Background: The relative effectiveness of angiotensin-converting enzyme (ACE) inhibitors and angiotensin II receptor blockers (ARBs) for lowering blood pressure is unknown.
Purpose: To compare the benefits and harms of ACE inhibitors versus ARBs for treating essential hypertension in adults.
Data sources: MEDLINE (1966 to May 2006), the Cochrane Central Register of Controlled Trials (Issue 2, 2006), and selected reference lists were searched for relevant English-language trials. The MEDLINE search was updated to August 2007 to identify head-to-head trials that reported blood pressure outcomes and major cardiovascular events.
Study selection: 61 clinical studies that directly compared ACE inhibitors versus ARBs in adult patients with essential hypertension, reported an outcome of interest, lasted at least 12 weeks, and included at least 20 patients.
Data extraction: A standardized protocol with predefined criteria was used to extract data on study design, interventions, population characteristics, and outcomes; evaluate study quality and applicability; and assess the strength of the body of evidence for key outcomes.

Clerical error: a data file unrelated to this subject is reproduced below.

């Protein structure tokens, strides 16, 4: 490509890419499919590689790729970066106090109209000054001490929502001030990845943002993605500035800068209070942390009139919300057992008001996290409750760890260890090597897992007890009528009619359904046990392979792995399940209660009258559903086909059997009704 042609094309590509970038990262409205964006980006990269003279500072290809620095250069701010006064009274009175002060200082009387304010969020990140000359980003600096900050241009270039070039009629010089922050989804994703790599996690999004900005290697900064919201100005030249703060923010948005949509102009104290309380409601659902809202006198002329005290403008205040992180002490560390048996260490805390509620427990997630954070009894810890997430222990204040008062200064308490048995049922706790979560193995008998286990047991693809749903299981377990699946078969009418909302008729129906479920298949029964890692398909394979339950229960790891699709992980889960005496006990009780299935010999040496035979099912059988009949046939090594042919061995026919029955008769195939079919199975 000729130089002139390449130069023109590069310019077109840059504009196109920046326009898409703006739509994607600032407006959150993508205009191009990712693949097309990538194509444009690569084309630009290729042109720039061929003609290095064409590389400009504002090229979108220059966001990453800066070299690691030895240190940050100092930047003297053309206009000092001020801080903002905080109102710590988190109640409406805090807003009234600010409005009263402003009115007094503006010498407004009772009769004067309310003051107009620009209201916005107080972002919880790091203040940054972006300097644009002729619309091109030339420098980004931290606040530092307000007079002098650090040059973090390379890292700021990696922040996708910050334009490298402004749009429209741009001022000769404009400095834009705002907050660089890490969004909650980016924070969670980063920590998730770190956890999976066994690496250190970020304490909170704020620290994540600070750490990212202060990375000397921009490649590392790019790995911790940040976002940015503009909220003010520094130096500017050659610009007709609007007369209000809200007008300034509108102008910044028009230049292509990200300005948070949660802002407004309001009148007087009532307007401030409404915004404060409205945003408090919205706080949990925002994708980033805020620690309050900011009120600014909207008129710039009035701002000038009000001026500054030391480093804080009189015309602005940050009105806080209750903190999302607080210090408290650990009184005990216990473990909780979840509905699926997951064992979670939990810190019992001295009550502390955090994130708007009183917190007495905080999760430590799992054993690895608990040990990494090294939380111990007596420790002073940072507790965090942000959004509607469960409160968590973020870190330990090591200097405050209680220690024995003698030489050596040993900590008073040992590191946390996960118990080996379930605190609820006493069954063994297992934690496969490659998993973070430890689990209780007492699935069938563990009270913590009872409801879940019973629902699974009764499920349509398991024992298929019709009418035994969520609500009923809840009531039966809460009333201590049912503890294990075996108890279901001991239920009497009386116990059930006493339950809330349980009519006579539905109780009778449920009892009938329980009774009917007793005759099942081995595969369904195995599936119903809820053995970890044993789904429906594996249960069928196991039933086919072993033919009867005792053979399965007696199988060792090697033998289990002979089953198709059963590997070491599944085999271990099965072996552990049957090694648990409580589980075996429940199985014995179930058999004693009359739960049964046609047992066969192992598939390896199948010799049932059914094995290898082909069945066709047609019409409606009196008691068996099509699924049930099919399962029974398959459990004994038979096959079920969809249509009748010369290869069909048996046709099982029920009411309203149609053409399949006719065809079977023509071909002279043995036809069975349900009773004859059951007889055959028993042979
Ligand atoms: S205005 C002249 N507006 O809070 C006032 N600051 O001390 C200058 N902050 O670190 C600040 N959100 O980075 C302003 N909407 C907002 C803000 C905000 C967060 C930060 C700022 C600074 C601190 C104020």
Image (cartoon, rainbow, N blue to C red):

Data synthesis: ACE inhibitors and ARBs had similar long-term effects on blood pressure (50 studies; strength of evidence, high). No consistent differential effects were observed for other outcomes (few studies reported long-term outcomes), including death, cardiovascular events, quality of life, rate of single antihypertensive agent use, lipid levels, progression to diabetes, left ventricular mass or function, and kidney disease. Consistent fair- to good-quality evidence showed that ACE inhibitors were associated with a greater risk for cough. There were fewer withdrawals due to adverse events and greater persistence with therapy for ARBs than for ACE inhibitors, although this evidence was not definitive. Patient subgroups for whom ACE inhibitors or ARBs were more effective, associated with fewer adverse events, or better tolerated were not identified.
Limitations: Few studies involved a representative sample treated in a typical clinical setting over a long duration, treatment protocols had marked heterogeneity, and substantive amounts of data about important outcomes and patient subgroups were missing.
Conclusion: Available evidence shows that ACE inhibitors and ARBs have similar effects on blood pressure control, and that ACE inhibitors have higher rates of cough than ARBs. Data regarding other outcomes are limited.